Vitamin D Critical for Women’s Cognitive Health
A staggering amount research has come out over the years showing that vitamin D has so many important roles in addition to keeping your bones strong. Studies indicate that this nutrient helps reduce the risk of various cancers,[1,2] decreases high blood pressure, and helps prevent cardiovascular disease  and even multiple sclerosis. And now, studies have tied vitamin D to cognitive health, particularly in women.
In one study of 6,256 older women published in the Journal of Gerontology, researchers found that the women with very low levels of vitamin D (<10 ng/mL) had significantly greater risk of cognitive impairment compared to those women who had higher levels (>30 ng/ml).
In a second similar study, researchers followed 498 women who were not taking vitamin D supplements. They divided them up into three groups according to the onset of cognitive decline—no dementia, Alzheimer’s disease and other dementias.
The researchers found that the women who developed Alzheimer’s had lower baseline vitamin D than those who did not have dementias or those who developed other types of dementia. Those women who were in the highest quintile of dietary vitamin D intake had the lowest risk of developing Alzheimer’s disease compared to the other four quintiles. They concluded that women who had a higher dietary vitamin D intake had a lower risk of developing Alzheimer’s.
Delicious Ways to Get Your D
Considering the seemingly countless health benefits associated with vitamin D, it’s in everyone’s best interest—man, woman, young and old—to boost intake of this essential nutrient.
Many nutritious foods naturally contain high levels of vitamin D. The foods at the top of the list include various seafood (tuna, mackerel, sardines, salmon, shrimp, oysters and herring), egg yolks, and shitake mushrooms. An even greater list of foods fortified with vitamin D exists. The most common include milk, cereals and orange juice.
Finally, let’s not forget the easiest (and cheapest) source of vitamin D—the sun. When light from the sun’s ultraviolet rays hits your skin, it stimulates production of vitamin D in your body. A mere 20-30 minutes of sun exposure (without sunscreen) is all you need to get this process going. Of course, if you live in a cloudy or cold climate, you may not be able to get this daily amount of sun, so you should definitely consider supplementing or eating D-rich foods, or both.
If you think you might have a deficiency in vitamin D, have your blood serum levels tested. It’s an easy test that’s readily available nowadays. Depending on your results, discuss with your physician the amount of vitamin D you should be taking on a daily basis to get your blood levels within a healthy range.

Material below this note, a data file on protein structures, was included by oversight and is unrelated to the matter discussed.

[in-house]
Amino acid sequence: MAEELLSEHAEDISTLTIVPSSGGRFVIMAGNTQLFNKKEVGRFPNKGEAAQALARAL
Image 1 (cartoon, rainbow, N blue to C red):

1. Bilinski K and Bovages J. Association between 25-hydroxyvitamin D concentration and breast cancer risk in an Australiam population: an observational case-control study. Breast Cancer Res Treat. 2012 Dec 14. [Epub ahead of print]
2. Stubbins RE, et al. Using components of the vitamin D pathway to prevent and treat colon cancer. Nutr Rev. 2012 Dec;70(12):721-9.
3. Zhao G, et al. Independent associations of serum concentrations of 25-hydroxyvitamin D and parathyroid hormone with blood pressure among US adults. J Hypertens. 2010 Sep;28(9):1821-8.
4. Lutsey PL and Michos ED. Vitamin D, calcium, and atherosclerotic risk: evidence from serum levels and supplementation studies. Curr Atheroscler Rep. 2013 Jan;15(1):293.
5. Salzer J, et al. Vitamin D as a protective factor in multiple sclerosis. Neurology. 2012 Nov 20;79(21):2140-5.
6. Slinin Y, et al. Association between serum 25(OH) vitamin D and the risk of cognitive decline in older women. J Gerontol A Biol Sci Med Sci. 2012 Oct;67(10):1092-8.
7. Annweiler C, et al. Higher vitamin D dietary intake is associated with lower risk of Alzheimer’s disease: A 7-year follow-up. J Gerontol A Biol Sci Med Sci. 2012 Nov;67(11):1205-11.
Larissa Long has worked in the health care communications field for more than 13 years. She co-authored a self-care book titled Taking Care, has written countless tip sheets and e-letters on health topics, and contributed several articles to Natural Solutions magazine. She also served as managing editor of three alternative health and lifestyle newsletters — Dr. Susan Lark’s Women’s Wellness Today, Dr. David Williams’ Alternatives, and Janet Luhrs’ Simple Living.
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